Have you ever wondered about missing mail--say a birthday card from your favorite, wealthy aunt in Texas?
Let's hope that Southern California postal delivery man Henry Lee Monday didn't serve your neighborhood.
Monday liked to open mail containing cash, pocket the dough and trash the letter.
Sadly, there's nothing new about occasional revelations against dishonest mailmen. But Monday, who was caught, isn't arguing that he didn't open a letter and steal the cash. He says his conviction should be overturned on a technicality.
According to court records, here are the facts of the case: Postal inspectors suspected Monday was a crook and sent a test letter containing a birthday and $40 cash. After taking the bait, the mailman used the money to purchase snacks at a liquor store. He was arrested and convicted on federal mail theft charges.
But Monday filed an appeal claiming that he "knew the letter was a plant," but opened it anyway "because he had a lot of things on [his] mind that [he] figured at that time they would come and arrest [him] or do what they had to do so [he] could talk to them."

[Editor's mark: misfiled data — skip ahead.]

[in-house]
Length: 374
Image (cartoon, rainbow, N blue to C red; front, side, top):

Monday was apparently attempting to say that he didn't have the necessary criminal intent to "permanently deprive the owner of the money."
In other words, because the letter and cash were part of a law enforcement sting operation, there was no real owner who was deprived of anything, according to Monday.
Would it work?
A three-justice panel at the Ninth Circuit Court of Appeals considered his argument and today issued an opinion that supported a contention by federal prosecutors based in Riverside County that they merely needed to prove that he opened the letter and took the money.
--R. Scott Moxley / OC Weekly